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Resource library Teaching materials Evolution 101

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Found 30 resources for the concept: Evolutionary trees (i.e., phylogenies or cladograms) portray hypotheses about evolutionary relationships

imageEye Evolution
This worksheet guides students through an interactive online module entitled Why the Eye? on the Understanding Evolution website. Students gain a better understanding of the different types of animal eyes and how natural selection can account for the evolution of a complex organ.

Audience: 13-16

Source: UC Museum of Paleontology

Resource type: Online activity or lab

imageEvo in the news: Quick bites and quirky adaptations
Trap-jaw ants made headlines with the record-breaking speed of their jaws and a quirky behavior: flinging themselves into the air using the power of their mandibles. This news brief from October 2006 reveals the evolutionary story behind the headlines.

Audience: 13-16

Source: UC Museum of Paleontology

Resource type: Evo in the News article

imageEvo in the news: Evolutionary evidence takes the stand
This news brief, from January of 2007, describes the role of phylogenetic evidence in a Libyan court case. Six medical workers have been convicted of injecting children with HIV-tainted blood - but the evolutionary history of the virus paints a different picture.

Audience: 13-16

Source: UC Museum of Paleontology

Resource type: Evo in the News article

imageEvo in the news: Happy 200th, Darwin!
This news brief, from February 2009, celebrates Darwin's bicentennial by examining what we've learned about the evolution of the Galapagos finches since Darwin's time.

Audience: 13-16

Source: UC Museum of Paleontology

Resource type: Evo in the News article

imageEvo in the news: Tough conservation choices? Ask evolution
The earth is facing a biodiversity crisis. Nearly 50% of animal and plant species could disappear within our lifetime. To stem this rapid loss of biodiversity, we'll need to act quickly — but where should we begin? This news brief, from December 2008, explains how evolutionary history can help us set conservation priorities.

Audience: 13-16

Source: UC Museum of Paleontology

Resource type: Evo in the News article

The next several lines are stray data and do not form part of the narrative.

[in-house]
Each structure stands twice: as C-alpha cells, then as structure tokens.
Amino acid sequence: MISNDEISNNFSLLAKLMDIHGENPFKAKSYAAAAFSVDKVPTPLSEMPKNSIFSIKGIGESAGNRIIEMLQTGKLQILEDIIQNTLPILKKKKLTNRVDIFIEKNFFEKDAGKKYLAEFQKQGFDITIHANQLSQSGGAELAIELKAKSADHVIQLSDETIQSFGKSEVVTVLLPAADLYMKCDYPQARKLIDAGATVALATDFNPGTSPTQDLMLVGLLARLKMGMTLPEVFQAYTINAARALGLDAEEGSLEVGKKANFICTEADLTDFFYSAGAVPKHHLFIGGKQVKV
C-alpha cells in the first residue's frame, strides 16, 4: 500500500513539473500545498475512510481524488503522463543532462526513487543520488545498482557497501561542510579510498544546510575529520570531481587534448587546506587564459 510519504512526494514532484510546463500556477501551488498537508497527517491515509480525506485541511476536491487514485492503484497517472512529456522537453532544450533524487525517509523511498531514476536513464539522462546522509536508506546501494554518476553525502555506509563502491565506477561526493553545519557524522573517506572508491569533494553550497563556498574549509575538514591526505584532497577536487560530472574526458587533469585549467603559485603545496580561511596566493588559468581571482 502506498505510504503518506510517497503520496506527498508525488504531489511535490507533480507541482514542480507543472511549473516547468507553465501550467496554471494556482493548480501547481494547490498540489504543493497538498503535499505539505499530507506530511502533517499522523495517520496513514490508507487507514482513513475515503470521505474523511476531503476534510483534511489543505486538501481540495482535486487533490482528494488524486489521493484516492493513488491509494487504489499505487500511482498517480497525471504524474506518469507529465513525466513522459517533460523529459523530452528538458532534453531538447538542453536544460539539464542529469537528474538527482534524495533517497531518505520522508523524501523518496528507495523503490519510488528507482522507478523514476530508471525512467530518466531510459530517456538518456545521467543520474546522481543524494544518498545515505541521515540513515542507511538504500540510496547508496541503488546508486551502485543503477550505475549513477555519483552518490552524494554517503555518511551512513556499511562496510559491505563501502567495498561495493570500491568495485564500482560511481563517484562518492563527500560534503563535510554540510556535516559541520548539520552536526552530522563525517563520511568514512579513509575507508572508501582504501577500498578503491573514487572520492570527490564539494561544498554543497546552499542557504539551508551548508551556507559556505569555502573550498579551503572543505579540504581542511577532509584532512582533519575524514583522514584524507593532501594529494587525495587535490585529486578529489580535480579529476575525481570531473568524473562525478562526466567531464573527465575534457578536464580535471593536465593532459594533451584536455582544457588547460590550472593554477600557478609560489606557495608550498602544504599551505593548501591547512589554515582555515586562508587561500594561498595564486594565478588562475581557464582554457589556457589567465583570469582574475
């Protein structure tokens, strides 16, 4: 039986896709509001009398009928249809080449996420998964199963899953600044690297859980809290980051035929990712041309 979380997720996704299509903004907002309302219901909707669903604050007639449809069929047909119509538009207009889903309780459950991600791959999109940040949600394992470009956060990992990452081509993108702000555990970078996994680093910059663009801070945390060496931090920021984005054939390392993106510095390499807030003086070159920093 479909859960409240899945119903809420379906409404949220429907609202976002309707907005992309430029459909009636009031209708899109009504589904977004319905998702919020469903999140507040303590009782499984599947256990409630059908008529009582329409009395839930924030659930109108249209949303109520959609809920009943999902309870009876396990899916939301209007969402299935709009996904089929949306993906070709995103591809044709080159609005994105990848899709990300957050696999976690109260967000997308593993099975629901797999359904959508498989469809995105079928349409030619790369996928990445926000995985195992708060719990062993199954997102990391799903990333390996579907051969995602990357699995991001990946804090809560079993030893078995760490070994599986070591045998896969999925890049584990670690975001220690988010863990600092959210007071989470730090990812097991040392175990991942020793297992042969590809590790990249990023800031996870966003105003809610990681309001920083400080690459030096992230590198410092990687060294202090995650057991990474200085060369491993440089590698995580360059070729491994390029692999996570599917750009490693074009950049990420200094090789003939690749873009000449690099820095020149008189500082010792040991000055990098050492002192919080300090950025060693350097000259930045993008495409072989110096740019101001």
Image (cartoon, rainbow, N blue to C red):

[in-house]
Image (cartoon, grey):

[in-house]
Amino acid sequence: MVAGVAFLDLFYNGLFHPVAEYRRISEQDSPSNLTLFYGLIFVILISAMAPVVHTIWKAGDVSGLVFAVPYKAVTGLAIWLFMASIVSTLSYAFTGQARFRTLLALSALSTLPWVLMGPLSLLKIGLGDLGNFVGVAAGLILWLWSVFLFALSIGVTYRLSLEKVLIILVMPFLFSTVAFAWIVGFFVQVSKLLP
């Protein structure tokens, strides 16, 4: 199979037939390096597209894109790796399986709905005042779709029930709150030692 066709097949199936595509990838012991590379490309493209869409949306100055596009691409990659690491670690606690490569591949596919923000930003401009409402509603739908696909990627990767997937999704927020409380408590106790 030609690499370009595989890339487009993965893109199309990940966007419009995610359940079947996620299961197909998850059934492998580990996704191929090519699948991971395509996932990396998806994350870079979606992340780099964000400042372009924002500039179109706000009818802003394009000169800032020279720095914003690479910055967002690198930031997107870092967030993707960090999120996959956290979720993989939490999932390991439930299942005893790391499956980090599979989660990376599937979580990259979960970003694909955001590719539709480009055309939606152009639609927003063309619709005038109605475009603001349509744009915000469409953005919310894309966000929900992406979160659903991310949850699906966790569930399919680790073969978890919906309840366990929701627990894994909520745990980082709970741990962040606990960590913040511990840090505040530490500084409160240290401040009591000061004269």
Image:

imageEvo in the news: Making sense of ancient hominin DNA
In March 2010 German researchers announced that they had managed to extract DNA from the 40,000 year old fossil bone from a child discovered in a Siberian cave and that it didn't match up to the known genetic sequences of either humans or Neanderthals! This news brief examines the evidence in more detail and considers what that evidence might — or might not — mean about such claims.

Audience: 13-16

Source: UC Museum of Paleontology

Resource type: Evo in the News article

imageEvo in the news: Spreading disease on evolutionary timescales
Most infectious diseases that we are familiar with are passed from human to human; however, on evolutionary timescales, pathogens don't necessarily respect species boundaries. This news brief from November 2010 examines a recently discovered case of disease swapping among species involving a deadly strain of malaria.

Audience: 13-16

Source: UC Museum of Paleontology

Resource type: Evo in the News article

imageIsland biogeography and evolution: Solving a phylogenetic puzzle using molecular genetics
Students focus on the evolution of three species of lizards using real data sets — geographical and geological data, then morphology, and finally molecular data — to determine possible phylogenetic explanations.

Audience: 13-16

Source: Filson, R.P.

Resource type: Lab activity

imageUsing trees to understand plants: The work of Chelsea Specht
This research profile follows scientist Chelsea Specht as she pieces together the evolutionary history of tropical plants and their pollinators--and in the process, tries to figure out how to conserve endangered species.

Audience: 13-16

Source: UC Museum of Paleontology

Resource type: Research profile

imageA name by any other tree
Phylogenetics has affected almost every area of biology - even the most basic one: how we classify organisms. Find out how phylogenetic classification works and what its advantages are.
This article appears at SpringerLink.

Audience: 13-16

Source: Evolution: Education and Outreach

Resource type: Article

imageUnderstanding evolutionary trees
Many disciplines within biology (and many basic biology texts) have come to depend on evolutionary trees. Get the basics you need to understand and interpret these key diagrams.
This article appears at SpringerLink.

Audience: 13-16

Source: Evolution: Education and Outreach

Resource type: Article

imagePhylogenetic systematics, a.k.a. evolutionary trees
Learn about phylogenetic systematics, the study of the evolutionary relationships among organisms, and how the field is shaping biological research today.

Audience: 13-16

Source: UC Museum of Paleontology

Resource type: Tutorial

imageWhy the eye?
Eyes are something of an icon of evolution. How did such an integrated, multi-part adaptation evolve? While many different animals have complex eyes, untangling their evolutionary history reveals both remarkable diversity and surprising similarity.

Audience: 13-16

Source: UC Museum of Paleontology

Resource type: Article

imageEvolutionary trees from the tabloids and beyond
This article describes practical applications of phylogenetics, focusing on intriguing cases ripe for deployment in classrooms — like using phylogenetics to investigate crimes.
This article appears at SpringerLink.

Audience: 13-16

Source: Evolution: Education and Outreach

Resource type: Article

imageUsing trees to uproot HIV: The work of Satish Pillai
This research profile follows scientist Satish Pillai as he studies the evolution of HIV within infected individuals. His research uses the tools of phylogenetics to investigate vaccine development and the possibility of curing the disease.